280 KM northeast of Yellowknife lies De Beers’ most recent mining project, Gahcho Kue. The company’s third diamond mine in Canada occupies 1,200 hectares for its’ three different pits.
The mine overall employs nearly 630 people, 27% of which are residents of the Northwest Territories. Among these employees includes 71 Aboriginals, making up almost 15% of the work force.
The General Manager of this site Allan Rodel said that hiring Northerners has been a priority for the company, and the amount of Northern and Indigenous employees has been on the rise. It is sometimes made difficult because some positions are highly skilled, but they attempt to hire and train these employees as it is their expectation that Northern employees will stay North. De Beers has also put in an effort to make its’ facilities more comfortable for different cultures, specifically Indigenous. De Beers’ invites elders for visits and consultations, and provides a cultural room for the employees.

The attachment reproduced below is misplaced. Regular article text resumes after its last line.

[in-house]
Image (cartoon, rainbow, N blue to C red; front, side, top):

In it’s first year of operation, mining personnel saw some loss of production due to the harsh conditions of winter. Ore Processing Manager Serge Benoit said that many changes were made to “winterize” Gahcho Kue during the first winter to counter the effects. This summer, even more additions were pushed through to make sure Gahcho Kue is as prepared as can be for the cold weather including reinforced metals on equipment.
In it’s early stages, the mine has exceeded expectations in terms of budget, but Rodel said although it’s reason to be optimistic, it’s too early to tell if that will be the norm. The mine also seems to be tracking well against its’ environmental goals early on.[foogallery id=”12475″]